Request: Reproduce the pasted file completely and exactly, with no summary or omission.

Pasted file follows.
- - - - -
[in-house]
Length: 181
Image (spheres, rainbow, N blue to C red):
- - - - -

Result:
[in-house]
Length: 181
Image (spheres, rainbow, N blue to C red):